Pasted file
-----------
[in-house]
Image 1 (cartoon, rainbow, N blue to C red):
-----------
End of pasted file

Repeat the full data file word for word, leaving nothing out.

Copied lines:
[in-house]
Image 1 (cartoon, rainbow, N blue to C red):